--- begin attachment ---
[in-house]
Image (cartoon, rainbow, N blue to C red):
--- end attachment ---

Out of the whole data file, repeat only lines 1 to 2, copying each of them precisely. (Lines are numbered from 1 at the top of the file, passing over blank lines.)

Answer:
[in-house]
Image (cartoon, rainbow, N blue to C red):